Shares of uranium producer Cameco Corp. closed nearly eight per cent Monday after the company received much less than it was seeking in an arbitration dispute.
The downward pressure on the stock price, after what the company called a disappointing amount of damages, came despite a positive decision Friday night from U.S. President Donald Trump to not impose import restrictions on uranium.
Cameco says a tribunal of international arbitrators ruled that Japanese utility Tokyo Electric Power Co. did not have the right to leave a supply agreement and awarded Cameco US$40.3-million, far less than the US$700-million in damages that it was seeking.
“We are pleased that the Tribunal agreed that TEPCO was not entitled to terminate the supply agreement, but we are disappointed with the amount of damages awarded,” said CEO Tim Gitzel in a statement.
TEPCO said in 2017 that it would terminate a long-term contract because of measures the Japanese government took after the 2011 Fukushima Daiichi nuclear disaster.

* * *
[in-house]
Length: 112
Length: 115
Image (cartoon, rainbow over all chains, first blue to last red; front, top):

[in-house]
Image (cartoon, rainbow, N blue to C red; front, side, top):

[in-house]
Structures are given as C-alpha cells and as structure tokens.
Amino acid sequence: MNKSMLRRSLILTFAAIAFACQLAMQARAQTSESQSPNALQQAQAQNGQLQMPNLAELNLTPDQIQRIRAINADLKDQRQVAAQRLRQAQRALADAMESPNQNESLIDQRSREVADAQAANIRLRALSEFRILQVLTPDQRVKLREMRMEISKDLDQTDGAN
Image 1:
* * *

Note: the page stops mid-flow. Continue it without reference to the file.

News of the ruling, which can’t be appealed, overshadowed the positive decision from the U.S. to not impose import restrictions on uranium over national security concerns.
Cameco’s share price closed down $1.13, or 7.81 per cent, at $13.33 on the Toronto Stock Exchange.
The Saskatoon-based company, which sells about 25 per cent of its production to the U.S., says it was pleased by the U.S. decision and sees value in strengthening energy security on a North American basis.
Gitzel said in a statement that he welcomed a recent commitment by Trump and Prime Minister Justin Trudeau to develop a joint action plan on critical minerals.
“With operations on both sides of the border, Cameco also sees tremendous value in increasing co-operation between the United States and Canada to address critical mineral issues and strengthen security of supply on a North American, rather than strictly national, basis.”
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